She got a call on-air from a prejudiced man. What resulted is a lesson for all Americans.

'It’s difficult to step out, but in the end, you’re going to be a stronger person.'

Heather McGhee received a rather unusual call from a self-proclaimed racist when she appeared on C-SPAN in August 2016.

McGhee is the president of Demos, a public policy organization that advocates for social change. As a black public figure, she's no stranger to receiving retorts from racially prejudiced individuals. However, the experience she had with the caller on C-SPAN's "Washington Journal" was altogether different.

McGhee on "Washington Journal." All photos provided by Starbucks.

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There was no lifeguard on duty at the sunny Florida beach when two young boys suddenly found themselves caught in a dangerous rip current.

Stephen and Noah Ursrey, 8 and 11 years old, cried out for help. Roberta, the boys' mother, along with three other relatives, swam out to save them, only to find themselves swept into the same rip current, desperately in need of a rescue.

If it weren't for the quick thinking of horrified beachgoers watching from land, the entire family faced almost certain doom.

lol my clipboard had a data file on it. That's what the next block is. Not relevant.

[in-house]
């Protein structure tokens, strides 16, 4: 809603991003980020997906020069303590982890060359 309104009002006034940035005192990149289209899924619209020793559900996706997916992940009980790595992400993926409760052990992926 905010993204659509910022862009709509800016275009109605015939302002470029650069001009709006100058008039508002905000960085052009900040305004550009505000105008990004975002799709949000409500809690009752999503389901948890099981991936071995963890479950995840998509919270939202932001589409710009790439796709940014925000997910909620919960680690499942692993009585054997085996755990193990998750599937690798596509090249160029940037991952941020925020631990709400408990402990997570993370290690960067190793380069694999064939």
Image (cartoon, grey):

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Imagine a place where men and women are treated completely equally.

They share duties as co-heads of a household. Work duties and interests are not determined by gender, but by ability. The community works together, generating enough income to fulfill its needs and splitting the profits equally among all members. Contraception is available to women who want it.

A young woman in Awra Amba. All photos via the creative agency Write This Down, used with permission.

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She was moments from being swept away by a flood, when 3 strangers stepped in.

Our weather may be getting stronger, but that doesn't mean we're getting weaker.

Over the weekend, Maryland was hit by a historically epic flood. Ellicott City saw over six inches of rain in under two hours.

The flash floods tore into buildings and turned the city's streets into rivers, putting anyone stuck in a car in a dire situation.

Jamie Knight was one such driver, who was pulled from her car by a few brave locals acting quickly to form a human chain.

Jason Barnes, a local toy store owner, had just lost all his merchandise in the flood when he decided to risk his own life for a complete stranger. Barnes' stepfather, Chris Penning, told WBAL-TV that owning a toy store had been his stepson's dream 10 years in the making, second only to writing comics about superheroes.

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